Legislative Assembly for the ACT: 1998 Week 8 Hansard (27 October) . . Page.. 2301 ..
MR HUMPHRIES (continuing):
Mr Speaker, either you have to accept that there is some credibility behind those concerns or you have to explain why you think, notwithstanding all this evidence, that ACTEW somehow magically is capable, as a very small player in a very large marketplace, of retaining its value and retaining the level of its return to the ACT community. Again, Mr Speaker, the explanation for this magic pudding view of things is not forthcoming from the Opposition. We need to see what they would do to ACTEW's operation to somehow provide us with this bright outlook - this sunny, rosy outlook. I do not know where that is. Unless we see that from the Labor Party, the claims that they are making and the scare campaign that they are running in this community do not deserve to be taken seriously.
I come back to the simple equation I started with - an asset worth a billion dollars and superannuation liability of $700m. If we do nothing, in just a few years' time, that asset will, according to all the expert evidence available to us, be worth half - $500m - and the superannuation liability will be approaching $1 billion. The time for action is now. That asset is deteriorating, and we have to defend it, Mr Speaker.
MR STANHOPE (Leader of the Opposition) (4.34): Mr Speaker, I will be brief. I know there are other members who are keen to speak in this debate. I simply wish to reinforce the points which my colleague Mr Corbell has made. I will talk briefly on two aspects of the matter, and I think they are both important. I think we need to go to the process which the Government has adopted in relation to its proposal to sell ACTEW. I think it is very important that we do that in order that we can put the debate that we are having into a better framework and a better context.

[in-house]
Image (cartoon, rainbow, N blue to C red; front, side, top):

As stated by Mr Corbell and as has been constantly stated by those of us opposed to the Government's position on this, this Government does not have a mandate to sell ACTEW. It actually went to the last election with a statement that it would not do so; that it had no plans to do so; that the sale of ACTEW was not on its agenda. It was language designed to allay concerns that may have been abroad within the community. Those opposite said that, if elected, a Liberal government would not sell ACTEW. The language was designed to create that impression. This is not a question of later seeking to conjure a mandate from the air. The situation is the reverse. The Government, in its election campaigning, in the language which it used in the election campaign, led the people of Canberra to believe that if they chose to elect a Liberal government the sale of ACTEW would not be one of the things that they would do as a government. To go from that position to a position, within a number of months, of forcing the sale of ACTEW down the throats of the people of Canberra without reasonable opportunities for public consultation on that proposal is simply untenable and unacceptable.
I reinforce the point that Mr Corbell made. Those of us who have been seeking to talk to the community about this issue, those of us who have been involved with members of the community that are engaged in collecting signatures to a petition, are very well aware of the significant level of concern and anxiety within the community about this proposal. There is no doubt that the polling which the Canberra Times reported earlier this year is correct. The Canberra Times reported in February of this year, at the time of the election, at the time that the Liberal Party was saying they had no intention of selling ACTEW, that 74 per cent of the people, according to a Canberra Times poll,